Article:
The forecast for 2019 onwards is more optimistic, as the market is expecting a scenario of controlled inflation rate, social security reform and more control of public expenditures. A better defined political environment is also expected as a result of the election of a new president, members of the Congress, state governors and state representatives. The preparation and follow-up on the ongoing discussions about regulatory matters may give leverage to potential investors and financiers.

Infrastructure facilities, agribusiness, biofuels, mining, construction, transportation, roads and even railroads, sewage, port operations and especially energy-related projects, including renewables like solar power plants and wind farm projects, are expected to increase. Eletrobras is likely to be privatised, according to a bill of law proposed by the former president and currently under discussion by Congress. Even if the privatisation of Eletrobras itself takes time, the sale of specific companies in which Eletrobras holds corporate participation is expected to occur at a fast pace, as occurred with the privatisation of six power distribution concessionaires of Eletrobras in 2018.

An oil price rise in the international market and the new auctions that have been made to exploit oil fields in Brazil, including those in the pre-salt area, are likely to attract new projects for the shipbuilding industry and the supply chain related to the oil and gas sector.

PPPs in the health and education sectors would be welcome. Likewise, investment in the construction, expansion and modernisation of federal prisons may also come to the forefront.

The government has been facing budgetary deficits and, notwithstanding the continuous strengthening of the capital markets in Brazil, the funds available in the local market may not suffice to cover satisfactorily the needs of infrastructure in Brazil. The implementation of project finance deals would be a competitive way to finance transactions that may be posted off budget and make the expansion and enhancement of the infrastructure in Brazil feasible, particularly in view of the public budgetary constraints and the forthcoming recovery of the Brazilian economy. There is a solid regulatory framework that has given comfort to foreign players and needs to be well understood for the purposes of a better risk assessment.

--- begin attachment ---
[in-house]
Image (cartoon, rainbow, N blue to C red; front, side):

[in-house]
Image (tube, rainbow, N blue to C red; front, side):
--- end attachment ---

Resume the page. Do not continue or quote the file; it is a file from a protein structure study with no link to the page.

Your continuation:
The Inside Track

What three things should a client consider when choosing counsel for a complex project financing?

Reliance, expertise and dealmaker. The selected firm should also have experienced attorneys in sufficient number and be able to act in a harmonious and robust working team.

What are the most important factors for a client to consider and address to successfully implement a project in your country?

To better understand the peculiarities of each jurisdiction, in order to make a proper risk assessment for the project and accommodate different interests of multiple players.  

What was the most noteworthy deal that you have worked on recently and what features were of key interest?

The Malhas project was an interesting experience, not only considering the challenges faced to negotiate and develop a leading project related to natural gas transportation pipelines in the absence of detailed regulations applicable to the case at that time, but also because later on we were able to assist the company during the operation phase and exit from the project. More recently, we also participated in the sale of the project company to a third-party buyer in different circumstances and where a regulatory framework was already in place and ongoing. Another interesting project was the financing of a municipal tram (light rail vehicle) with BNDES support in a PPP sponsored by the municipality of Rio de Janeiro and destined to enhance transportation in preparation for the 2016 Olympic Games in Rio.

Ricardo Coelho and Marcella Amarante
Pinheiro Neto Advogados
Rio de Janeiro